Memorial Day meditation
'Memory n. 1. The mental faculty of retaining and recalling past experience; the ability to remember. 2. An act or instance of remembrance; a recollection... see smer in Appendix.' 'smer — to remember. In Germanic murnon, to remember sorrowfully, in Old English murnan, to mourn.'
I remember Chuck Meerholz and the day I was supposed to drive. After four months with B Company, 1st Battalion, 69th Armor; four months of on—the—job—training for a guy trained as an infantrymen, I was being taught to drive our tank. B Company was to participate in a big operation centered on the village of Ky Son. Then Specialist 4th Class Meerholz, a trained tanker, joined our company. On April 21, 1968 he got the assignment and was driving tank B21 as it formed part of an assault element moving towards Ky Son. He was killed in action. There but for fortune go I.
My R&R (rest & recreation) destination was Manila. Six miles south of the city on a plateau is the American Cemetery and War Memorial. One hundred and fifty—two acres hold 17, 206 war dead from various Pacific campaigns, plus men killed in the China—Burma—India theater. Among those interred there is Philadelphia native, PFC George Benjamin Jr., who earned the Medal of Honor on June 28, 1945. He was a radio operator with A Company, 306th Infantry, 77th Infantry Division. On the Philippine island of Leyte his company encountered a well—defended Japanese strong point which impeded the battalion's progress battalion's progress. When a rifle platoon supporting a light tank hesitated in its advance, Benjamin, voluntarily and with utter disregard for his personal safety, left his relatively secure position in the rear and ran across fire—swept ground to the tank, waving and shouting to the men to follow him. Carrying his bulky radio and armed only with a pistol, he fearlessly penetrated intense machine gun and rifle fire to the enemy position, killing one Japanese in a foxhole before moving on to annihilate the machine gun crew. Heedless of the terrific fire now concentrated on him, Benjamin continued to lead the assault, killing two more enemy and exhorting the other men to advance, until he fell mortally wounded. After being evacuated to an aid station, his only thought continued to be the American advance. Overcoming great pain, he called for the battalion operations officer to report the location of enemy weapons and valuable tactical information gained during his heroic charge. He died before he could know that his valor contributed in large part to the battalion's successful mission.
George Benjamin now lies in eternal rest in that beautiful, peaceful cemetery. Walking through the rows I thought long thoughts. The pure, hot sun shone down upon that sacred place and an edged sea wind came winging over and up.
Memorial Day was originally called Decoration Day. Three years after the Civil War ended the Grand Army of the Republic, an organization of Union veterans led by Major General John A. Logan, established it as a day for decorating the graves of the war dead. In May 1868 the first major observance was held at Arlington National Cemetery. However, towns in both the North and the South such as Waterloo, NY and Columbus, GA claimed to have been first to commemorate their fallen soldiers. Who was first is of no consequence, only that they were united in their desire to honor them. On May 30, 1870 Maj. Gen. Logan gave an oration towards the end of which he said: 'Let us then all unite in the solemn feelings of the hour, and tender with our flowers the warmest sympathies of our souls! Let us revive our patriotism and strengthen our loyalty by the example of the noble dead around us.'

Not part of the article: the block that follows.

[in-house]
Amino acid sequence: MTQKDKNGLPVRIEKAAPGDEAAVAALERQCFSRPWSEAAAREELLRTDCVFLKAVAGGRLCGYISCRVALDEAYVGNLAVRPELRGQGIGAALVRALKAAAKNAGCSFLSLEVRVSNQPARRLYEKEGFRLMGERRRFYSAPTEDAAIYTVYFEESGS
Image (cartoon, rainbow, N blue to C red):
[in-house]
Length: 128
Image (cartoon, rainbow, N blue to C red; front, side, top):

And the eloquent dead. With resonant clarity they speak to us about valor and self—sacrifice, loyalty and perseverance. On March 4, 2002 during Operation Anaconda in Afghanistan, a recon team was sent out to snow—capped Takur Ghar in the Shah—I—Kot mountains. Ten feet above the landing zone, the big Chinook helicopter carrying the team was hit by an RPG rocket that severed a hydraulic line. Near the open rear door, Navy SEAL Petty Officer Neil C. Roberts slipped on the spilled fluid and fell out, down to the Al Qaeda—infested terrain below. Finding a bit of cover, Roberts, armed only with his rifle, held off the advancing enemy to the last round before being overrun and killed. He was later awarded a posthumous Silver Star. In a letter he left his wife he wrote: 'I consider myself blessed with the best things a man could ever hope for. My childhood is something I'll always treasure. My family is the reason I'm the person I am today... my time in the Teams was special... I loved being a SEAL. If I died doing something for the Teams, then I died doing what made me happy. Very few people have the luxury of that.'
On Memorial Day we commemorate the noble and the eloquent dead. There is sorrow, yes, but also great reverence and pride in these exemplary Immortals who gave their last full measure of devotion; in knowing that this great country, anchored in liberty and freedom, produces such men and women as these. And there is inspiration that reverberates within our very being, the call to revive our patriotism and strengthen our loyalty. We are reminded to do everything within our power to support our Soldiers, Sailors, Airmen, Marines and Coastguardsmen deployed around the world in the global war on terror.
The bugler stands now and begins playing 'Taps.' Its elegiac notes take wing, rising ever higher, burnished by sunset hues, ever upward: 'Rest in peace, Soldier brave, God is nigh.
John B. Dwyer is a military historian.